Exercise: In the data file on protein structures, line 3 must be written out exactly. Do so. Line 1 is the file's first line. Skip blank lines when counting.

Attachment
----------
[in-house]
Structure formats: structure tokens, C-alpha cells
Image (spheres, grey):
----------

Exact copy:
Image (spheres, grey):